Early spring that year, I got on my bike every morning at nine without fail and headed for the vinyl café by the subway station. The early hour was so I could listen to music inside the DJ booth when there weren't other customers around, a special privilege extended by the DJ and owner—so he claimed, but rumor had it he wasn't the real owner. In return, I cleaned up the DJ box and tidied up the records. The DJ box was located in the middle of the left wall. A Kiss decal glittered on the front window, and tens of thousands of records sat on the shelves that made up the back wall.
I carefully read the covers of the records, put on headphones, and immersed myself in the music of my choice. There were hardly any customers at the café before noon, so no one cared what I put on. This was a wonderful luxury for me when I was twenty and had nothing.
Oh, how sweet those moments were as I look back on them now! The hours I spent listening to music added spark to my life like nothing else. Years and miles away from that time and place, if I happen to hear a few bars of Led Zeppelin, Dr. Hook and the Medicine Show, or Fleetwood Mac I enjoyed in those days, I find myself right back in that vinyl café, looking out onto the deserted, empty hall in the morning light. [End Page 41]
The DJ had permed, curly, shoulder-length hair that he always wore down and never combed. The look he was going for was, in his words, I don't care about my hairdo. I just let it flow however it wants. His philosophy disapproved of leaving any sign of combing or coiffing his hair, except for right after washing it, when he would run a pen through it, no more than ten times, in solemn, measured movements befitting a religious rite. He thought he looked like Jimmy Page, and the rest of us more or less went with it.
The "us" I'm referring to here were a bunch of high school graduates who didn't have the grades or family situation good enough for college, weren't old enough for the army but couldn't find permanent employment without having completed our military service, and spent our days hanging out at the café, listening to decent-enough music and killing time. We were like furniture—no money, no girls, no place to go—materializing one by one in the corner seats of the café, sitting for hours and having the gall not to order a single cup of coffee despite the waitress looking daggers at us, exchanging jokes that began as harmless jabs but eventually made us want to murder each other, only to vanish like ghosts when paying customers began rolling in. And so it went—it was 1982, we were twenty, and whiling our lives away.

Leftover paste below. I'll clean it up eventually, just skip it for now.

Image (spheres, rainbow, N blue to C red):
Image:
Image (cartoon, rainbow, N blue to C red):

There was a guitar on display in the DJ box. It was the DJ's number one prized possession, a Fender electric with a smooth f-shaped head and "Fender" engraved on the bottom part of the body. He would sit in the DJ box and polish it with a clean cloth every chance he got. He was well versed in details like which guitarist played a Fender or a Gibson, and played records for us to compare the sounds of the two. For example, rockers such as Jimi Hendrix and Jeff Beck preferred Fender while artists with a traditional blues background such as CCR or BB King preferred Gibson, because of the sensual and modern sound of Fender [End Page 42] compared to the warm, classic sound of Gibson. He said Gibson was more expensive and had a higher quality sound, but he preferred Fender, and that it was a matter of taste, not better or worse.
That word, "taste!" The sophistication and elegance of it! When the DJ brought it up, we felt like school boys in gym clothes sitting at an upscale Chinese restaurant...